Tuesday, December 11, 2012

U.S. National Television Media: Ownership Concentration Issue

As part of the U.S. Media Study, the Foundation for Democratic Advancement looked at media ownership concentration in the U.S. national newspaper, radio, and television sectors. The FDA found only one instance of major ownership issue in the national television sector. Using 2012 viewership data from the Pew Research Center's report, "2012 State of the News Media", NBC Nightly News, ABC World News, and CBS Evening News have 82.22 percent of the American prime time television news market. All other news networks, cable networks including CNN and Fox News, and public news networks have a combined 17.88 percent of that market.

Related to these market percentages and from the FDA's U.S. Media Study comprised of 7,924 data points, the U.S. national television sector was the least critical in content as compared to the U.S. national newspaper and radio sectors. Also, there is cross-ownership between the three media sectors, so the three large U.S. broadcast companies have even more influence over the American electorate. For example, CBS Corporation owns 29 television stations and CBS Radio and 130 radio stations.

The United States through anti-trust laws regulates ownership concentration strictly from the standpoint of uncompetitive practices. In contrast, Norway as an example directly regulates media ownership concentration from the percentage ownership by capping the percentage of national media ownership by a corporation and/or individual. In other democracies, France regulates political content and bans commercial political advertisements among other things during election periods, and Bolivia regulates the ownership spectrum of the broadcast and radio media sectors in terms of 1/3 licenses for the private sector, 1/3 licenses for the government sector, and 1/3 for the non-profit/indigneous sector.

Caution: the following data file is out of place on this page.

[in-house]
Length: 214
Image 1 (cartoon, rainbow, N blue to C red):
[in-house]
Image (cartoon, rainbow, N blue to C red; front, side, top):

Media ownership concentration is a democratic issue when a small minority of media owners control large portions of the media market, so that they are in a position to influence significantly the electorate and limit the electoral discourse. From the U.S. Media Report, the FDA has strong evidence that the U.S. national media coverage of the last 32 days of the 2012 U.S. Presidential Election favoured significantly Barack Obama over Mitt Romney, and coverage of third-party presidential candidates was practically non-existent.

Mr. Stephen Garvey, Foundation for Democratic Advancement, Executive Director

Question for Readers:

Is the media's role during an election to influence the outcome of the election or to help fully inform the electorate of all their electoral choices?


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